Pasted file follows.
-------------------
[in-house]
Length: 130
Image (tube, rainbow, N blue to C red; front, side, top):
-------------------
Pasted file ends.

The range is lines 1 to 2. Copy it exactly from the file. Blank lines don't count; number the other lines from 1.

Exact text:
[in-house]
Length: 130